First animals oxygenated the ocean, study suggests
The evolution of the first animals may have oxygenated the earth’s oceans – contrary to the traditional view that a rise in oxygen triggered their development.
New research led by the University of Exeter contests the long held belief that oxygenation of the atmosphere and oceans was a pre-requisite for the evolution of complex life forms.
An oceanographic instrument drifts from the Arctic to Ireland
Article March 6, 2014 By Kate Madin WHOI Oceanus Magazine
Το παράξενο και μακρύ ταξίδι μιάς ωκεανογραφικής σημαδούρας
Ωκεανογραφικός εξοπλισμός διαπλέει τον Αρκτικό ωκεανό και φτάνει στην Ιρλανδία
The surface of the earth is covered by a patchwork of river channels. These form the backbone of the landscape, defining boundaries or permitting communication between diverse ecosystems. However, river networks might be much more dynamic than has previously been assumed as demonstrated by researchers at ETH Zurich and MIT in Boston.
Research March 6, 2014 By Angelika Jacobs ETH Zurich•
The Earth’s outer layer is made up of a series of moving, interacting plates whose motion at the surface generates earthquakes, creates volcanoes and builds mountains. Geoscientists have long sought to understand the plates’ fundamental properties and the mechanisms that cause them to move and drift, and the questions have become the subjects of lively debate.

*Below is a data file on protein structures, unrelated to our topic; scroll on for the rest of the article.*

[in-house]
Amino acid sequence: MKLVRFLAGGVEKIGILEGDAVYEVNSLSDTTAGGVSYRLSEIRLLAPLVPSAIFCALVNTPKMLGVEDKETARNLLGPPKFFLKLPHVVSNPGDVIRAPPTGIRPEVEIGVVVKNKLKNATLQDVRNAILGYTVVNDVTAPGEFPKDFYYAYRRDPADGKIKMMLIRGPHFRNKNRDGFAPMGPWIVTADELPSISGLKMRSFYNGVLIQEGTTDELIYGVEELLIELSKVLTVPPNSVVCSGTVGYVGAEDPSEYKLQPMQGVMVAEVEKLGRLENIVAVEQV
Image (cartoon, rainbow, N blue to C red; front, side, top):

News release By UCLA Newsroom March…
Every Step You Take: Berkeley Lab Researchers Identify Key Intermediate Steps in Artificial Photosynthesis Reaction
Science Short MARCH 03, 2014 By Lynn Yarris Lawrence Berkeley National Laboratory
Artificial photosynthesis, in which we emulate the process used by nature to capture energy from the sun and convert it into electrochemical energy, is expected to be a major asset in any sustainable…
Motion-Sensing Cells in the Eye Let the Brain ‘Know’ About Directional Changes
How do we “know” from the movements of speeding car in our field of view if it’s coming straight toward us or more likely to move to the right or left?
News release March 03, 2014 By Kim McDonald UC San Diego•
Kύτταρα ανίχνευσης κίνησης στο μάτι πληροφορούν τον εγκέφαλο για αλλαγές στην κατεύθυνσή της
Πώς μπορούμε να…
Researchers at Spain’s Institute of Photonic Sciences (ICFO) and a co-author from Macquarie University, Dr Mathieu Juan, have invented nano-optical tweezers capable of trapping and moving an individual nano-object in 3 dimensions using only the force of light.
News release March 3, 2014 Macquarie University
Οπτικές νανο-τσιμπίδες για νανο-αντικείμενα
Ερευνητές στο Ινστιτούτο Φωτονικών Επιστημών…
Whole-Brain Atlas of Neural Networks Reveals Eight Distinct Subnetworks in Mouse Cerebral Cortex
“Think about it: the brain is built for logic, so its organization must be logical.”
USC Institute for Neuroimaging and Informatics
Αssociate professor of neurology at the Keck School of Medicine of USC
News Release February 26, 2014 USC University of Southern California
Scientist Find Unique Protein that Misdirects Immune System
A team led by scientists at The Scripps Research Institute (TSRI) has discovered an unusual bacterial protein that attaches to virtually any antibody and prevents it from binding to its target. Protein M, as it is called, probably helps some bacteria evade the immune response and establish long-term infections.
Research news VOL 14.…
Researchers have finally seen inside the elusive moss piglet using a new laser scanning microscope.
News release February 25, 2014 by Ernie Mastroianni Discover Magazine
Μια ματιά στον εσωτερικό κόσμο του μικροσκοπικού υδρόβιου βραδύπορου μέσω ενός συνεστιακού μικροσκοπιίου σάρωσης με ακτίνες λέϊζερ.